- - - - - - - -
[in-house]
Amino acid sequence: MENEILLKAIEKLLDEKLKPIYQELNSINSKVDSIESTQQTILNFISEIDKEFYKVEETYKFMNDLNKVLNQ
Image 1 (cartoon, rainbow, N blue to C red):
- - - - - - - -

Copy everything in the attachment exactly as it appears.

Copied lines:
[in-house]
Amino acid sequence: MENEILLKAIEKLLDEKLKPIYQELNSINSKVDSIESTQQTILNFISEIDKEFYKVEETYKFMNDLNKVLNQ
Image 1 (cartoon, rainbow, N blue to C red):